Sermon for the Sunday of the Prodigal Son 2017

Sermon for the Sunday of the Prodigal Son 2017

February 12, 2017

Let us come to ourselves like the prodigal; let us, like him, speak firm words of resolve to our own souls: “I will arise and go to my Father”; and the Gracious God will perfect our small intention.

He knows that we do not know the way to Him, or the manner in which to traverse it; but, hearing us say: “Ready is my heart, O God, ready is my heart”, and seeing us begin our journey towards Him, He will then rush out to us, falling on us, and kissing our neck: He will send His All-Accomplishing Holy Spirit upon us, and guide us into all truth, not only in our understanding, but in all our deeds, all our life.

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Sermon on the New Martyrs of Russia & the Sunday of the Publican and the Pharisee 2017

Sermon on the New Martyrs of Russia & the Sunday of the Publican and the Pharisee 2017

February 04, 2017

What kind of men and women become martyrs? What is it within each of our hearts that determines our destiny and eternal fate? For what kind of open or hidden virtue does the Lord grant the supreme gift of a martyr’s crown? And which of our many sins and passions do we need to fear the most, which can so corrupt and sicken our souls that we become capable even of mocking, torturing and slaughtering God’s faithful servants?

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Sermon for Theophany 2017

Sermon for Theophany 2017

January 19, 2017

Yesterday, Christ was born; today, He is baptized. Yesterday, God immersed Himself in our flesh; today, our flesh is immersed in the Most Holy Trinity. Yesterday, the Timeless Son of the Virgin-Father was begotten in time of the Virgin-Mother; today He gives birth to us as sons of God forever.

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Sermon on the Synaxis of the Theotokos (Second Day of Nativity) 2016

Sermon on the Synaxis of the Theotokos (Second Day of Nativity) 2016

January 08, 2017

Today is the Second day of Nativity and is called the “Synaxis of the Theotokos.” The synaxis of a feast is the title applied to the commemoration that falls on the day after a Great Feast (but not all Great Feasts) which honors some person who is intimately connected with that feast. “Synaxis” means “assembly,” and today we assemble to honor the Mother of God.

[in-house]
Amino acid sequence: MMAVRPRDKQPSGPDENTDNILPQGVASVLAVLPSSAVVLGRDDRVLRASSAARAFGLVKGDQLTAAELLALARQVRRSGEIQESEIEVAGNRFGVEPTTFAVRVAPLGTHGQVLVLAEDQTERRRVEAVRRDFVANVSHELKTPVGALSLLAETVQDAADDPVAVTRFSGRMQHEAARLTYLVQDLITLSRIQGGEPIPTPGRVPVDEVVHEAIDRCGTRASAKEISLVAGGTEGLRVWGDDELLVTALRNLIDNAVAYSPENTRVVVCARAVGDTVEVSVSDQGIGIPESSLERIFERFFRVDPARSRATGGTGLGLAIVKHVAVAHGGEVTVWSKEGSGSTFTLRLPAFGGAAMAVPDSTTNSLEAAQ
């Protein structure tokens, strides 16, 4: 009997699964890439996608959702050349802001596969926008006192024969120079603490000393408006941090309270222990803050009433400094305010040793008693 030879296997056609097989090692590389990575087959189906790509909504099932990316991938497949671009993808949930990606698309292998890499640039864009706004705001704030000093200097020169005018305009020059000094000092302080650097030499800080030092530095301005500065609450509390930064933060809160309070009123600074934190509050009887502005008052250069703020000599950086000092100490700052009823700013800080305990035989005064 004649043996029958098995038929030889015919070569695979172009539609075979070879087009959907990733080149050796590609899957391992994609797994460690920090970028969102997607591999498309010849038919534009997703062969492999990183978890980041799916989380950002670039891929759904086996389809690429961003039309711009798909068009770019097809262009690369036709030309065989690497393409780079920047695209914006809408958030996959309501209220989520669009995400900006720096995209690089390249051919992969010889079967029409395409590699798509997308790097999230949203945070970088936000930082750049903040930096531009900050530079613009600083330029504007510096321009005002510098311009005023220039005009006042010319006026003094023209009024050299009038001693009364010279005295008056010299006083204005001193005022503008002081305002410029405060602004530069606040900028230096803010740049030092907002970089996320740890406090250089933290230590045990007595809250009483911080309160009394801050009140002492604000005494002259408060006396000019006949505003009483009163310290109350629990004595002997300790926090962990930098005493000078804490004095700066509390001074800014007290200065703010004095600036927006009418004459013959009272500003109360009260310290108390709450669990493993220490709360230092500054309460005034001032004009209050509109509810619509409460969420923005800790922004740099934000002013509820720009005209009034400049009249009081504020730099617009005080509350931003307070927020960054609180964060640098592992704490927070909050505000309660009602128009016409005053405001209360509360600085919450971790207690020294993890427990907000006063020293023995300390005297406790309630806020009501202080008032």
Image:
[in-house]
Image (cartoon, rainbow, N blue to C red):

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Sermon for the 25th Sunday after Pentecost 2016

Sermon for the 25th Sunday after Pentecost 2016

December 11, 2016

Today’s Gospel shows us two great wonders: one—a woman is healed from an affliction which she has suffered for eighteen whole years from an evil spirit; and, two—we see a hypocritical ruler of the synagogue completely blinded by spiritual delusion, earthly-mindedness and, not just numb to this miracle, but filled with indignation…bitter hatred and disgust; for whom? For God incarnate.

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Sermon for the Entry of the Theotokos into the Temple 2016

Sermon for the Entry of the Theotokos into the Temple 2016

December 05, 2016

In the troparion-hymn, this Feast is called the “the heralding of the salvation of mankind.” Why? Because, the Virgin will give birth to Christ, the Great High Priest, Who was not a Levitical priest, but a priest after the order of Melchizedek; He did not enter to minister in the Jewish temple, nor did He enter physically into the Holy of Holies. But, offering Himself as the Only True Sacrifice for our sins upon the Cross, He has resurrected Himself in our very flesh which He has received from the Virgin-Mother.

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Sermon for the Feast of St. Gregory Palamas 2016

Sermon for the Feast of St. Gregory Palamas 2016

November 28, 2016

Fathers, brothers, sisters although our theosis is a great mystery and its magnitude towers over our understanding,  yet St. Gregory tells us simply keep the commandments and God will unite you to Himself.

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Sermon for the Synaxis of the Unmercenary Physicians 2016

Sermon for the Synaxis of the Unmercenary Physicians 2016

November 20, 2016

On this Sunday we celebrate the Synaxis of the Holy Unmercenary Healers, or, as they are also called, the “physicians without silver.” They are those saints who, out of pure love of God and neighbor, healed the sick and mended the souls of others while asking nothing in return. It was a pure self-sacrifice born out of love. Today we remember the great saints Cyrus and John, Tryphon, Artemius, and the others, as well as Cosmas and Damian, who lived and were martyred in Roman times. And of course, we also remember and honor our great patron, the martyr and healer Panteleimon.

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